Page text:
Sir Gawain and the Green Knight seems at first sight to be a conventional romance. The poem is so concerned with more than courtesy and courage. In medieval romance, courtesy is revolving around love, and this is particularly adulterous love. The courteous Knight as seen in the old sense is a gallant knight who is understanding and living by the courts social rules. He is also expected to be well skilled in romantic rhetoric and love as well as devoted in fulfillment of the wishes of the beautiful ladies. In the tempting scenes Belak's wife, Gawain is compelled to make a choice between the secular and worldly courtesy, which requires that he should give in to the wishes of the lady, and a different kind of courtesy, spiritual courtesy requires from him fidelity as well as chastity.
It was the woman, the appealing to behold,
that drew the door after her full silent and still,
and warped her way to the bed, and the Knight penitent,
laid him down again lightly and feigned to sleep.
And she stepped quietly and tiptoed to his bed
Refusing the lady without offending her requires that Gawains acts skillfully and courteously.
You are a sleeper unsafe, that one may slip hither.
Now are you taken in a trice, lest a truce we shape,
I shall unite you in your bed that you may trust.
All are laughing the lady made her light jests.
Good morrow, sweet, quoth Gawain the blithe,
I shall work your will, and that I well like
Throughout all of the poem, there is a covenant between the Green Knight and Gawain which is evoking some natural kind of law enforcement that the medieval Europeans used to associate with the Old Testament. The Green Knight seems concerned at first with the letter of the law. Although he already has tricked Gawain to fall into their covenant, he is expecting that Gawain will follow through on the same. Even though Gawain understands that following this letter of the law meant death to him, he is very determined to follow through his agreement till the very end since he is looking at it as his knightly duty.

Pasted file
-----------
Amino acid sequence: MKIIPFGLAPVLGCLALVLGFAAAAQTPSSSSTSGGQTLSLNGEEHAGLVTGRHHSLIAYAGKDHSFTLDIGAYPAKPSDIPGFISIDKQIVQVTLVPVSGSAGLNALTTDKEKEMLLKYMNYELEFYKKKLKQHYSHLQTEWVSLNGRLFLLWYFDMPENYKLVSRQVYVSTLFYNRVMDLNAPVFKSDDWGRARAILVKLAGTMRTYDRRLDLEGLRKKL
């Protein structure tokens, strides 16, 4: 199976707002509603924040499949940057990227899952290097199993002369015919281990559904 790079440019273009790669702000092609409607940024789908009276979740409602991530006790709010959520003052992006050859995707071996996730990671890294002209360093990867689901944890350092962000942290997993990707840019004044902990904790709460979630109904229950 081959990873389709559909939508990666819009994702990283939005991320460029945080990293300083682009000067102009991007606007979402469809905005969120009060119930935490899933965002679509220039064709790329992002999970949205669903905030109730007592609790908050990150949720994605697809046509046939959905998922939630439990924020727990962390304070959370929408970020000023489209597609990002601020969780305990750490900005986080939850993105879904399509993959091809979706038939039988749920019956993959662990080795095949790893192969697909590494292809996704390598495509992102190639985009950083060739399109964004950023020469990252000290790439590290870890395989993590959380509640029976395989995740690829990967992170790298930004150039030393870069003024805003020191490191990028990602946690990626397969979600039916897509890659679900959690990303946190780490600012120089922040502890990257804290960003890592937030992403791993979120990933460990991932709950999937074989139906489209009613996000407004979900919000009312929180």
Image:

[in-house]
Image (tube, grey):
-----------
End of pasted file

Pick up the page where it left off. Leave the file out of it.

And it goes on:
The world of the Green Knight and Sir Gawain is under the control of a distinct code of ethics. It is particularly the code of chivalry which does shape the actions and values of Sir Gawain as well as some other characters found in the poem. The chivalric ideals are obtained from the Christian morality concept as well as the chivalric proponents that seek to enhance and support models of spirituality in a world that has already fallen spiritually.
The Christian morality ideals together with knightly chivalry have been brought together in the symbolic shield of Sir Gawain. The pentangle is representing the five knights virtues of generosity, chastity, piety, courtesy and friendship. Sir Gawains adherence to the virtues is seen throughout the literary work, yet the poem is examining more than the personal virtue of Gawain. It seeks to understand whether the divine virtue of spirituality can work in an already fallen world.
Arthurs court is heavily dependent on the chivalric code, and the Green Knight and Sir Gawain are seen to gently criticize the fact that chivalry looks into valuing symbols and appearance over truth. Arthur has been introduced to the reader as the most courteous person of all. Evidently, it indicates that individuals in this court are as per their mastery of a particular code of ethics as well as good mannerism.
As the Green Knight is challenging the court, he happens to mock them because they are so afraid of words. He suggests that appearance and words have been given too much power over the company. The court members arent revealing their real feelings, rather than choosing to seem fair-spoken, beautiful, and courteous.
Morpurgo, Michael. Sir Gawain and the Green Knight. Candlewick P, 2015.
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